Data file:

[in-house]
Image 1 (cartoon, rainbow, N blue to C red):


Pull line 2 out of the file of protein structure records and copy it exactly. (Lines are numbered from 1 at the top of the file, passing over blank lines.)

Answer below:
Image 1 (cartoon, rainbow, N blue to C red):